Bonn Government Acts on Hamburg Supreme Court Anti-jewish Ruling

The office of the Federal Attorney General opened an investigation today into the refusal of the Hamburg Supreme Court to act against the publisher and printer of an anti-Semitic pamphlet in an incident which has evoked protests from the German press and public that anti-Semitism is again rising.

The pamphlet, printed by Adolf Heimberg and written and distributed by Friedrich Nieland, lumber merchant, drew a distinction between the Jewish people and “international Jewry.” The Hamburg court declined to take action on a charge that publication of the pamphlet violated the Federal law against preaching anti-Semitism and race hatred. The court ruled that the booklet did not call for a campaign against the Jewish people but discussed only “international Jewry.”

The Attorney General’s office will investigate the possibility of whether the case can be reviewed by the Federal Supreme Court, as well as whether other measures can be taken to ban further distribution. The Attorney General’s plans followed personal intervention in the case by Chancellor Konrad Adenauer after a conference with Max Brauer, Mayor of Hamburg, who asked for vigorous federal action.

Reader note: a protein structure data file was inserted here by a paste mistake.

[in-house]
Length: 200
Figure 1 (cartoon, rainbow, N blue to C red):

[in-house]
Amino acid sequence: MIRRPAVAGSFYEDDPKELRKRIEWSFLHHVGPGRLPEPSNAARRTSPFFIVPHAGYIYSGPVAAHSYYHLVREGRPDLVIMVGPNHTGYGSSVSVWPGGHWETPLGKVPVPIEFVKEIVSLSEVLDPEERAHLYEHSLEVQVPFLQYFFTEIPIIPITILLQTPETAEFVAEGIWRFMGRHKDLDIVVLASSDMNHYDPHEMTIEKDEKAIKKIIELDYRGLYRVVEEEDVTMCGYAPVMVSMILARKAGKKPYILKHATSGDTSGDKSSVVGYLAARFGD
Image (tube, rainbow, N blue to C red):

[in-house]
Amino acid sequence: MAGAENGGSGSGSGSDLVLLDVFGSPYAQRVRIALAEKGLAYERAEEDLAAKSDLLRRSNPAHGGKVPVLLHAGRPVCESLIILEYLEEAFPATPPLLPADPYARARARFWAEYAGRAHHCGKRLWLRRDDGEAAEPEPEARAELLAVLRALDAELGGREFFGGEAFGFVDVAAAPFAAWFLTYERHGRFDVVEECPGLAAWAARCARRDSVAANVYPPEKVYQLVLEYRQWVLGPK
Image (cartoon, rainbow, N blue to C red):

While newspapers continued to condemn the Hamburg court ruling, the influential Frankfurter Allegemeine Zeitung declared that the Chancellor’s intervention created the possibility of executive influence over the judiciary. Political observers said that the application by the West German Republics highest court of Article 18 of the basic law, which makes the abuse of basic rights a punishable offense, might have “undemocratic consequences in the long run.” Experts in Bonn and Hamburg indicated they felt that action under civil law would most likely be taken against the two men.

The German Trade Union Council and the Central Council of Jews of Germany asserted that the incident showed the need for a new criminal code to prevent recurrences of Nazism and to protect minorities against defamation.

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